We have also recently secured the services of an internationally acclaimed architect to help with the building of what we call the peace-building and conflict resolution centre.  We have also received some £18 million through the Special EU Programmes Body (SEUPB) for the development of that site.  The Royal Ulster Agricultural Show (RUAS) has also moved on to the site, so we are ahead with a lot of those targets.  We are certainly on target for achieving a lot of those. 

The next stage for the site is to produce the spatial framework, setting out what we think the various aspects of the site could be used for.  We will then take that out to the private sector, industry and stakeholders to try to secure businesses and other organisations that want to locate on to the site.  A lot of work needs to take place over the next three years. 

We also intend to hold a number of community events on the site.  We recently had the Festival of Speed there, which was very well attended.  A lot of people from the surrounding communities and further afield came to have a look at the site, and to see the benefits not just of using it as a race track but the aviation museum, the buildings, and so on. 

As I said, things are progressing well.  The Maze/Long Kesh Development Corporation had its first meeting yesterday.  It has gone through its training on governance and accountability issues, and we will meet regularly with the corporation as part of our management of our arm's-length bodies.  We will also continue to have meetings with the senior staff who engage in the development of the site to ensure that we are on schedule to meet a lot of these targets so that we can report back to the Committee and to Ministers.

The Acting Chairperson: Thank you.  I have two points.  Can you tell us more about the scoping study of the Ulster Aviation Society?  Does that open any doors in other directions?  Does it lead us to other things?  Are there other areas that we are looking at that we could know more about for the future use of the site?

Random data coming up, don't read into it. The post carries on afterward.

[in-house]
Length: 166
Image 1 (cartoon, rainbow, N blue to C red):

Mr Losty: The scoping study for the spatial framework will look at a range of potential opportunities and at how the site could be used.  We are also looking at the aviation museum that is on site at the moment.  I do not know whether you have been to the site, but it is in one hangar.  There is another hangar beside that, so we are looking at whether there is potential to expand that, or whether the other hangar could be used for other purposes that would be complementary to the aviation centre.  Part of what we need to try to get across about the site is the history of what has gone on there.  It had been an airfield and was used during the Second World War.  There is a lot of history to the site. 

We are also looking at the needs of the surrounding community as well as the region in considering what business clusters could be developed.  We are looking at the potential for business clusters to be developed as a result of the Royal Ulster Agricultural Society moving there.  We believe that there is a lot of potential there, and the framework will help us firm up a lot of those issues.

Mr Lavery: Tim and I gave evidence to the Public Accounts Committee on 25 April.  One concern in the Audit Office report on the former military sites was about the slow pace of regeneration — that is the Audit Office's phrase.  One of the points was that regeneration is a long-term activity.  There has been substantial movement in the past couple of years.  The site is now fully remediated.  We have got the RUAS on site and we have the peace-building and conflict resolution centre.  Now is a very good time for the board to be in place to look at this strategic direction of the site.  We emphasise that it is a long-term activity.  We also need to look at interim uses, so it is a pivotal moment. 

The purpose of having the board is to set that direction and bring a mix of skills to it, and we look forward to that.  I think we had an encouraging first session yesterday.

The Acting Chairperson: That is why I asked the question.

Mr G Robinson: Tim, from RUAS's point of view, can you see the show taking place there next year, or it that too premature?

Mr Losty: The society has been doing a lot of work to get the site ready for the show there next year, and, as far as we are all aware, it is on schedule.  Hopefully, it will be another big success.